TREASURER Joe Hockey has warned that the age of entitlement is over and it was time for all Australians to do their fair share of heavy lifting.
Making clear taxpayer hand-outs are now under tough restrictions, Mr Hockey told ABC Radio that the age of personal responsibility has begun.
And he appeared cool towards a proposal that Agricultural Minister Barnaby Joyce is expected to take to cabinet for a multi-billion bailout of meat and agricultural industries.
Mr Hockey couldn’t commit to a plan he hadn’t seen but said the rural industries, now stressed by severe drought, also had good times and had to prepare for the swings and roundabouts.
Australians were also told to better manage their personal finances at a time when interest rates are at unusual lows.
“So if people are having problems coping with interest rates now then there is a bigger systemic issues at play,” Mr Hockey said.
His comments were among the strongest indications yet made by Mr Hockey in government that the May Budget will be tough on spending in all sectors with little mercy for corporations seeking assistance.
The government is facing continued demands to assist Holden in South Australia and fruit canner SPC Ardmona in Victoria.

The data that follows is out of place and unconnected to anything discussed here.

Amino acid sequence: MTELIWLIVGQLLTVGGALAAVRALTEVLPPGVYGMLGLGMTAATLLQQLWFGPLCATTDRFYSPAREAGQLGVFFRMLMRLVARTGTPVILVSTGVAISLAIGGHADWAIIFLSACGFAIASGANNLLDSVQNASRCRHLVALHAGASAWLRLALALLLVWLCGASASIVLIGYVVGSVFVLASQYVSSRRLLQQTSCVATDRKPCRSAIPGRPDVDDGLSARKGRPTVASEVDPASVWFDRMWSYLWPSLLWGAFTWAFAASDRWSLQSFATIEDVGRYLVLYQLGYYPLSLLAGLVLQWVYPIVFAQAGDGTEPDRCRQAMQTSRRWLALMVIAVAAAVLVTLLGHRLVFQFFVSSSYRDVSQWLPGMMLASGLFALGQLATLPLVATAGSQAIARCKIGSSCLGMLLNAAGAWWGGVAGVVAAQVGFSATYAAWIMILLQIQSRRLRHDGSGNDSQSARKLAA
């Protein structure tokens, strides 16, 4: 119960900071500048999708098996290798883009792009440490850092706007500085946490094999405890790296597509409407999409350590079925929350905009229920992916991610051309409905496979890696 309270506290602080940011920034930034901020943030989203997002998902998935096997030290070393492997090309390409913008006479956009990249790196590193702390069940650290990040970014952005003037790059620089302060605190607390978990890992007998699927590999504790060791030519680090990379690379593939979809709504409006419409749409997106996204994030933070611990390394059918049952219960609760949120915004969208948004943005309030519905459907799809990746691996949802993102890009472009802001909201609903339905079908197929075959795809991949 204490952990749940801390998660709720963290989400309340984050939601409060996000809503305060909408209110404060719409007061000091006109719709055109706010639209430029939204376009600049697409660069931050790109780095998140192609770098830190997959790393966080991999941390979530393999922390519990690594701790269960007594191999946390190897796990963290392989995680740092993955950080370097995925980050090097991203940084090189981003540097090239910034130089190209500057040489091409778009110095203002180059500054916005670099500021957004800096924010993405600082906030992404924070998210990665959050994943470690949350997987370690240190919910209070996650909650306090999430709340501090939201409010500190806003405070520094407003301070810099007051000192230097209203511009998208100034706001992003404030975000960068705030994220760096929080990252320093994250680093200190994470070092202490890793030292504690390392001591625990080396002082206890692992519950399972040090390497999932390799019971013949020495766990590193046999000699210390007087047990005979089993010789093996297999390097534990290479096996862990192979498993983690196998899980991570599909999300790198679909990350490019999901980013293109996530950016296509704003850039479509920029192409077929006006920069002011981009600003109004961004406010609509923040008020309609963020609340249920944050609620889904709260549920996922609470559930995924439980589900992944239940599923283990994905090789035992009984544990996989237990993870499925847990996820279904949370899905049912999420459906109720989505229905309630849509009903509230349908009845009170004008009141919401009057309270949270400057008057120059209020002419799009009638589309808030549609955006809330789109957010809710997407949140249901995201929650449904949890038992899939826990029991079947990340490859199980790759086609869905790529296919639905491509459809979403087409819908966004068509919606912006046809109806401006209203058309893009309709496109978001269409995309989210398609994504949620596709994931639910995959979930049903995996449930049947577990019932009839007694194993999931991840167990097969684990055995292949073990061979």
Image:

But it is standing firm that companies have to sort out their own problems out, particularly on the shop floor.
Mr Hockey said if companies reach expensive deals with workers, “please do not come to the government asking for other taxpayers’ money when those agreements fail”.
That will be seen as a message to Toyota, the only remaining car maker not to have closure plans.
“I say to you emphatically, everyone in Australia must do the heavy lifting. The age of entitlement is over, the age of personal responsibility has begun,” he said.
“We need to help those people who are most vulnerable in our community. That is our duty and we will do that.
“But we can only do that on a sustainable basis. It can only be done if everyone who has the capacity to lift does indeed lift.”
Welfare groups are urging the Government to limit major cuts to so-called middle class welfare and well-off wage earners.
Mr Hockey’s warning comes as charity group Anglicare said it feared the Budget would leave behind “the most marginalised members of Australian society”.
“Any expenditure cuts ought be directed at the sectors of society which are highly profitable, where people are comfortably well-off, and where government is funding what people can reasonably expect to do for themselves,” Anglicare chief executive Kasy Chambers said.